Chapter was also an opportunity for monks to accuse their fellow brethren of bad behavior and for monks who had done wrong to publicly admit their faults. (Faults could be a really big deal like breaking their vows or little like accidentally damaging a tool.)
The room Chapter was held.
A piece of bread that is considered to literally be the body of Christ after a holy ritual. Catholics believe it’s literally Jesus’s body. A consecrated host is extremely holy. Before concentration, it’s just a piece of bread (and in the modern day comes in plastic bags. As of the time I’m writing this you can buy communion wafers on Amazon for, like, $12 depending on the brand).
A sacrament where a person tells their sins/wrongdoings to a priest (confesses them if you will!) and receives a penance so God will forgive them. (Penance is defined below.) Confession cleanses a person’s soul. In the Catholic faith, it’s extremely important a person confesses before death so they can go to Heaven. Only priests can perform the sacrament of Confession.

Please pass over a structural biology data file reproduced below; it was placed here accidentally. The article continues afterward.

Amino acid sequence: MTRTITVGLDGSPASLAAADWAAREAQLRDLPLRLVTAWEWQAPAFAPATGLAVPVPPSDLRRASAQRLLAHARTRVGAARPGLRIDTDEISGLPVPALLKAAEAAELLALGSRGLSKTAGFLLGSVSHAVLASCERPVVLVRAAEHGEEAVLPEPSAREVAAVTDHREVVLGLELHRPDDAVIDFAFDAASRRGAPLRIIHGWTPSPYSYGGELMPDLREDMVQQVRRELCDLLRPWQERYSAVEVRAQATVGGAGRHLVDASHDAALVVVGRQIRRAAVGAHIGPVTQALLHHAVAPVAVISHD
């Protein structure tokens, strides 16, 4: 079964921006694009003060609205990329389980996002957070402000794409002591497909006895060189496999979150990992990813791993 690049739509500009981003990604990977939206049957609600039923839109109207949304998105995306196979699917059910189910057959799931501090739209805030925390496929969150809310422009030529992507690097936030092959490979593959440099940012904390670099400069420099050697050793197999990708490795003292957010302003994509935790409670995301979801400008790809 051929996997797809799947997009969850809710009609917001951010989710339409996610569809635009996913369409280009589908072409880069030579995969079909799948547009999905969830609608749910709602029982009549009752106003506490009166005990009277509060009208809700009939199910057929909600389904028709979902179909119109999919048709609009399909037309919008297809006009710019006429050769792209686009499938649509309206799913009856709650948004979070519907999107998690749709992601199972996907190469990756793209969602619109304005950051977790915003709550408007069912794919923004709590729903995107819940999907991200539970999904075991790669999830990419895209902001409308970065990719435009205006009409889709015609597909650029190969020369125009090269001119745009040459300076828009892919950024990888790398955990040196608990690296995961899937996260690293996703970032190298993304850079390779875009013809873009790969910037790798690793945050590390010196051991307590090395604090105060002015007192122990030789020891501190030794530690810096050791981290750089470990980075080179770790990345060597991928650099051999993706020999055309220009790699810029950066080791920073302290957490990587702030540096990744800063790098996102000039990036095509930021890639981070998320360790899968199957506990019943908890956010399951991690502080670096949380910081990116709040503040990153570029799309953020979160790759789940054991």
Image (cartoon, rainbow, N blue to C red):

Here Brother Alstan is referring to Europe.
The daily prayers monks and nuns sing each day. Also known as the Divine Office and the Liturgy of the Hours.
Exactly what it says on the tin.
Corporal punishment was part of monastic life. Depending on the severity of the crime, wrongdoers in the monastery were beaten. In theory, an abbot used his discretion. He wasn’t supposed to flog a monk if he knew a flogging would make the bad behavior worse.
If you search for “punishment” on my website you’ll be able to find all the articles that cover corporal punishment. (I’ve written about/mentioned corporal punishment in monasteries so many times that there’s no point in listing all of the articles here.)
The robe monks wear. It symbolizes their religious devotion to God. It lets everyone around them know a monk is a monk.